Big hits, great starting pitching equal strong homestand for Phillies


From the smokin’ bats of Odubel Herrera and Carlos Santana to Nick Williams’ game-changing, pinch-hit home run in the finale, it was quite a homestand for the Phillies. They won five of six games, capping it all with a 4-2 win over the New York Mets in South Philadelphia on Sunday afternoon (see first take).

Williams’ three-run homer with two outs in the sixth inning was the game’s big blow and it made a winner of deserving starter Aaron Nola.

“Oh, man,” Nola said of Williams’ homer. “That’s as clutch as you can get right there. Coming off the bench, too. That was pretty awesome.”

You know what was really awesome on the homestand? The starting pitching. Nola, the quality-start machine, gave up just one run – on a mistake curveball – in six innings Sunday afternoon. So for the homestand, Phillies starting pitching allowed just five runs over 38 innings. The run of strong starts goes back even farther than that. Over the last eight games, Phillies starters have given up just seven runs in 49 innings. The only thing standing between the Phillies and an 8-0 record in those games is a pair of blown saves by Hector Neris.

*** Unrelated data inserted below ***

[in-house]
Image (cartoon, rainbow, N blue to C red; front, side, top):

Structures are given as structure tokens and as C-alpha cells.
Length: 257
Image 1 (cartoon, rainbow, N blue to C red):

It was not surprising that manager Gabe Kapler stayed away from Neris in a two-run game in the ninth inning Sunday. Kapler never officially named Neris his closer. He has been purposely vague so he can choose a ninth-inning man based on matchups, etc. Edubray Ramos got the call Sunday and recorded his first big-league save.

“The game is on the line, there’s no room to mess up,” Ramos said.

Before entering the game, Ramos received some words of encouragement from Neris.

“He told me to take a deep breath and throw strikes and make sure you calm down because it’s the ninth inning and the game is on the line,” Ramos said.

Nola is 6-1 with a 1.99 ERA in nine starts. Over his last three starts, he has allowed just two earned runs in 20 1/3 innings. He has walked three and struck out 23.

“We have a top 10 pitcher in baseball,” Kapler said.

Even top 10 pitchers need run support. Nola finally got some in the bottom of the sixth when Williams hit a 2-1 slider from Paul Sewald over the wall in right. It was Williams’ second pinch-hit homer of the season. He is not playing regularly because of a numbers issue in the outfield, but he’s making things happen when he gets his chance.

“Man, what a tremendous job off the bench,” Kapler said. “What a difficult thing to do – come off the bench and lay the fat part of the bat on the ball and get the ball out of the ballpark. A really impressive at-bat.”

Kapler praised Williams for his attitude and maturity in staying ready despite not getting as many reps as others.

“It’s difficult,” Williams said of his part-time status. “Whenever my name is called I’m trying to do whatever I can. You have to stay in the game.

“Nola was spectacular. It was great to give him a win because he’s been pitching his butt off.”

All of the starters have been. The 5-1 homestand gave the Phillies a 23-16 record heading into Monday’s off day and Tuesday’s game at Baltimore. The Phils will use a designated hitter in that interleague series so Williams is likely to get some regular at-bats. 

He’s earned them.

from NBC Sports Philadelphia Philadelphia Phillies Feed


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